Cases reported "Obesity"

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1/8. Restructuring the therapeutic environment to promote care and safety for the obese patient.

    Fifty-four percent of American adults are overweight. obesity is a chronic disease associated with a number of conditions, such as diabetes, heart disease, hypertension, certain types of cancers, and breathing problems. The direct and indirect costs related to obesity exceed $70 billion annually. Because of the many cost and quality issues related to obesity, national attention is turning toward the special needs of this population. Strategies to restructure therapeutic intervention with attention to risk management, economic implications, and patient satisfaction are important considerations when managing the obese patient.
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2/8. Primary pulmonary hypertension with central sleep apnea: sudden death after bilevel positive airway pressure therapy.

    An obese 23-year-old man with sleep-disordered breathing and primary pulmonary hypertension (PPH) had been administered oral beraprost sodium, anticoagulant warfarin, and home oxygen therapy, at another hospital as treatment for the PPH, but he had not experienced any symptomatic improvement. The patient had a body mass index of 32.4kg/m2, and complained of fatigue, shortness of breath on exertion, excessive daytime sleepiness, and snoring. Arterial blood gas analysis showed a PaO2 and a PaCO2 of 70.9 and 31.2mmHg, respectively. A polysomnographic study revealed central sleep apnea with an apnea-hypopnea index (AHI) of 29.7episodes/h. The patient showed improvement of daytime sleepiness after starting nocturnal nasal bilevel positive airway pressure (BiPAP) therapy for the central sleep apnea, but his pulmonary hypertension, measured in the daytime, worsened. The patient died suddenly while walking to the bathroom in the morning 1 month after initiation of BiPAP therapy. It is necessary to consider the possibility of sudden death when nasal BiPAP therapy is given to a PPH patient with central sleep apnea.
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3/8. Pickwickian syndrome, 20 years later.

    The Pickwickian syndrome stimulated new pathophysiological concepts in regard to control of ventilation. With the advent of sleep laboratories, the peculiar sleep apnea occurring in some of these patients has been explained on the basis of intermittent upper airway obstruction. Two patients with different manifestations of the Pickwickian syndrome are presented. The suggestion is made that these two subsyndromes should have unique designations. The Auchincloss syndrome is manifested by right heart failure and respiratory acidosis in obese patients who are alert and have no major abnormality of breathing pattern. The fundamental cause of this abnormality is the increased work of breathing caused by the obesity. The cost of breathing is so high that the ventilatory regulation is compromised and respiratory acidosis results. The Gastaut syndrome is characterized principally by hypersomnia and sleep apnea. The fundamental defect is upper airway obstruction during sleep, resulting in increased work of breathing, which together with the increased work caused by obesity leads to respiratory acidosis and right ventricular failure. Hypersomnia, rather than heart failure or respiratory acidosis, is the major manifestation of this syndrome, and is the result of sleep loss.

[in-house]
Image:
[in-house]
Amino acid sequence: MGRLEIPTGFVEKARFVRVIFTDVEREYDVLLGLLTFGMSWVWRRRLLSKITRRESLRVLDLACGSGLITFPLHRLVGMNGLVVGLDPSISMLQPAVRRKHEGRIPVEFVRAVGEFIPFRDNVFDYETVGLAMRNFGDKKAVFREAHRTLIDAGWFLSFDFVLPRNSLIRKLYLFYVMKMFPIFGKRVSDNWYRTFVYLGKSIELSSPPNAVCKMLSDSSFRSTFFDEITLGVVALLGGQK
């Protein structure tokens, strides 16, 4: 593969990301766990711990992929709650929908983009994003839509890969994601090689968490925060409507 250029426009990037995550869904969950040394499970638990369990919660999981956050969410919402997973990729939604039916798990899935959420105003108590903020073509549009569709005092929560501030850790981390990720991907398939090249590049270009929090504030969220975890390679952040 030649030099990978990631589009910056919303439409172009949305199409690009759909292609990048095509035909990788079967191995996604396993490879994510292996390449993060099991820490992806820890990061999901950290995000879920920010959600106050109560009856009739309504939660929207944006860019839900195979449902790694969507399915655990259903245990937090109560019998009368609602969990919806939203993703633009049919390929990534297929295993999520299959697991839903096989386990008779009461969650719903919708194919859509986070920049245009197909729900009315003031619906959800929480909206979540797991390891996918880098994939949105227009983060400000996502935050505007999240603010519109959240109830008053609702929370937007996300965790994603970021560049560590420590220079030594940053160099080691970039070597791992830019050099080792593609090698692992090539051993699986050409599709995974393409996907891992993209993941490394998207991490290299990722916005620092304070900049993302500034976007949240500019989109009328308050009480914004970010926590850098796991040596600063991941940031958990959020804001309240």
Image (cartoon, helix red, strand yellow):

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4/8. obesity as a possible cause of respiratory failure in bilateral diaphragmatic paralysis. Case report.

    An obese woman with respiratory failure and bilateral diaphragmatic paralysis, was studied in order to investigate the effects of weight loss on respiratory function during wakefulness and sleep. The patient was studied on 5 different occasions during which diurnal blood gas analysis, spirometry, CO2 rebreathing test, nitrogen wash-out test and a nocturnal polysomnographic study were performed. The follow-up period lasted 9 months, during which the patient progressively lost 19 kg. Progressive improvement in awake blood gas tensions (PaO2 21 mmHg, PaCO2 - 16 mmHg) as well as in nocturnal oxyhemoglobin saturation and transcutaneous PCO2 were observed; at the same time only minor changes in responsiveness to CO2 and in lung volumes were found. Conversely alveolar efficiency for CO2, obtained with the nitrogen wash-out test, in the supine posture increased from 81.7 to 90.5%, indicating an improvement in ventilation/perfusion ratio as a possible determinant of blood gas tension improvement during wakefulness and, as a consequence, also during sleep. We conclude that obesity is one possible cause of the occurrence of respiratory failure in bilateral diaphragmatic paralysis.